Revisor explores the relationship between movement and meaning

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Revisor | Kidd Pivot | DanceHouse | Vancouver Playhouse | February 20 – 23, 2019 | Canadian tour: Ottawa, Feb 27 – March 2, NAC Theatre; Toronto, March 7 – 10, 13 – 16, Canadian Stage; Montreal, April 3 – 6, Dance Danse

There are many standout lines in Revisor, Crystal Pite and Jonathon Young’s innovative dance-theatre hybrid, but the one that has stuck with me is also an apt summation of its theme: “I’m here to move a comma.”

In this tale of mistaken identity, corruption, and abuse of power based on Nikolai Gogol’s The Inspector General (Revizor in the original Russian), a commoner is mistaken as the “Revisor” (Tiffany Tregarthen) who has been sent “from head office” to investigate a political leader.

The first half has the dancers mouthing lines spoken by a voiceover as they animate the text, moving in exaggerated, cartoon-like forms-their mouths working overtime to form exaggerated expressions that could be seen in the back row. The premise of the story is set up; we’re introduced to the main characters including the leader, his mistress, his advisor, the postmaster, and many aides. The movement adds another layer of meaning onto the text that would not be possible in a traditional piece of theatre with more realistic gesture and straightforward presentation.

While I could have watched the dancers act out the text for days, the second half is even more interesting and goes even deeper into exploring the way in which their movements brings the text to life. Without their character-defining costumes, they re-enact the events of the first half as their movements become more abstracted.

The more the movements are abstracted, the limits of the ability of movement to tell the story are tested – how abstract can the movement become and still retain the meaning of the text? It’s a fascinating experiment in the relationship between meaning and movement. I was enthralled.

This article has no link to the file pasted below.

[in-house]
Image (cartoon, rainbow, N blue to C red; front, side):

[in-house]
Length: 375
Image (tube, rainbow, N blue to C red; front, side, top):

That said, there was a moment where the pacing dragged and there was a sense that the narrative needed to move on to a conclusion a bit sooner. It was a minor blip in an otherwise stunning performance that not only provides an innovative method for melding dance and theatre, but explores the relationship between meaning and movement in a unique way. Perhaps an apt line to that end, another standout line is “The truth has a shape that can’t be contained.”

As the second half becomes more abstracted, the voiceover repeats phrases such as “In these figures I am unified and divided,” “I am within this,”  “I have given shape to this,” and, most importantly, “I would like to make one small revision.”     

In the end, the character-driven costumes return and the Postmaster (Jermaine Spivey) reads the Revisor’s final report. As he reads it, he flails and writhes, the contents of the letter too much for him to comprehend. As those around him say, “The Postmaster has ingested some kind of terrible news.” Spivey’s solo as he struggles to work through what he has just read is a stunning full-body expression of shock and betrayal.  

After the international success of Betroffenheit, Pite and Young’s latest collaboration was one of the most anticipated dance events of the year. It was wonderful to have the work premiere in Pite’s hometown — a special treat for Vancouverites to see this exceptional work before the rest of the country and the world.

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